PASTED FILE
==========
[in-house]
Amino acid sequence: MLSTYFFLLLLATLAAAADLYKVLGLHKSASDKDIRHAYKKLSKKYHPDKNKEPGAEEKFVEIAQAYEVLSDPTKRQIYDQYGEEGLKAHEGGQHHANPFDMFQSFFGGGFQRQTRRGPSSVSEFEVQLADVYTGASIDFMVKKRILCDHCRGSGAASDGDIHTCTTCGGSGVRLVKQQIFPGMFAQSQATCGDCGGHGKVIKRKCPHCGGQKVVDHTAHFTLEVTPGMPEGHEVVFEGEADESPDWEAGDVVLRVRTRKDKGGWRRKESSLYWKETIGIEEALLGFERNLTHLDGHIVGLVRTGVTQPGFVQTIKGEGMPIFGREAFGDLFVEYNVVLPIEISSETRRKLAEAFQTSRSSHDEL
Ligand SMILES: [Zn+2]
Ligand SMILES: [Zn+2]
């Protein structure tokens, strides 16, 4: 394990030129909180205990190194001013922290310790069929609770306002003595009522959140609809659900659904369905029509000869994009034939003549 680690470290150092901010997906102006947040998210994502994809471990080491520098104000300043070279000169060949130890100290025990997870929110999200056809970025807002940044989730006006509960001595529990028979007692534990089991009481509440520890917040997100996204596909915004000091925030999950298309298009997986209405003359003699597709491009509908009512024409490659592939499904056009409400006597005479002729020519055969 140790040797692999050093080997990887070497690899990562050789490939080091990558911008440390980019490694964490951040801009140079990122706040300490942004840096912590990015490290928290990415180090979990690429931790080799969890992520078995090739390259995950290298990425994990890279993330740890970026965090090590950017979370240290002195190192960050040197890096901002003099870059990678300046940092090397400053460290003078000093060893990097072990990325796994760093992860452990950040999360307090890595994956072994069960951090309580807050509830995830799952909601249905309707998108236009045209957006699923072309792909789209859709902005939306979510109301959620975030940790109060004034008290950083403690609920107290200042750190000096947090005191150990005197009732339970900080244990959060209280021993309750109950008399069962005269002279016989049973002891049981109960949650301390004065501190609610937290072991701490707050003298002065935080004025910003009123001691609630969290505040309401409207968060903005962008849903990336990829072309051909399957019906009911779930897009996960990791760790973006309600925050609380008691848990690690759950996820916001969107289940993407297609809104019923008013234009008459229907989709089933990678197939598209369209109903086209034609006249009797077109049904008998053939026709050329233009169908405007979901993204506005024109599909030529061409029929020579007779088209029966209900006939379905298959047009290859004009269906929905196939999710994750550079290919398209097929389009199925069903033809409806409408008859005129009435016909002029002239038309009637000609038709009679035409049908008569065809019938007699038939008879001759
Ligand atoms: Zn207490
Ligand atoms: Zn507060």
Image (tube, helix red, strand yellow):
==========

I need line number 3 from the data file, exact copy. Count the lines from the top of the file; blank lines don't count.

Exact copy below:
Ligand SMILES: [Zn+2]